Friday, 29 April 2011

NEIL GAIMAN'S DREAM HUNTERS

Neil Gaiman's Sandman was a consistently inventive comic series, and he's since gone on to wider acclaim. But he remains a master of composing for the graphic format, and The Dream Hunters is a fine example of why. It's an adaptation of a novella, a short Japanese fable Gaiman originally wrote in prose as a book illustrated by Yoshitaka Amano. Now it's presented in comics format, drawn by P. Craig Russell and captivating from the start.

Part of it is the tone, which is fine enough so one can see exactly why people think it was adapted from an actual Japanese folk tale. Gaiman has a perfect touch; his work is always fabulous, in the sense of fables, and often sentimental, as fables ought to be. But he manages to maintain the seriousness, the emotion, of the material, and by treating it with respect gets the reader to do the same. Part of it is also the art, which sometimes plays with Japanese cliche, and sometimes draws on the conventions of funny animal stories, and indeed the conventions of the Sandman series, because the Lord of Dreams has his part to play. But when Russell needs his fox-turned-woman to be convincing she is, and even better, when he needs the fox herself to convince she does.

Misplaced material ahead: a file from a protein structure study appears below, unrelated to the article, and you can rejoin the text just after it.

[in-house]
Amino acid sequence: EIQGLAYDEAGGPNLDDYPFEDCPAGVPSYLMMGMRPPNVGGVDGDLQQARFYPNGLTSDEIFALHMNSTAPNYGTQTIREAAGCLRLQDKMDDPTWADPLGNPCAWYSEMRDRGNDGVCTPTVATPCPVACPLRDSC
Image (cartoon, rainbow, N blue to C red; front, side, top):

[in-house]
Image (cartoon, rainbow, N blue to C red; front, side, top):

The love of fox and monk turns into something out of O. Henry, but in a much wider, darker, and in the end enthralling context. Gaiman avoids cliche and melodrama enough to seem true to a Japanese sensibility, but the story works as a universal as well. Like all the Sandman stories, it is about our dreams, and what things exist there that we sometimes see and sometimes don't, or can't. It is exactly the thing to show someone who doesn't believe in the comics format as a means for delivering 'art': this needs no suspension of disbelief that is not required from the best fairy tales, myths, and indeed, modern novels...

1 comment :

7.3 Powerstroke Injectors said...

Neil Gaiman's beautiful tale of love, dreams and loss is no less exquisite for being re imagined -- "Sandman: Dream Hunters" is like a beautiful painting of a little prose gem. A must-see.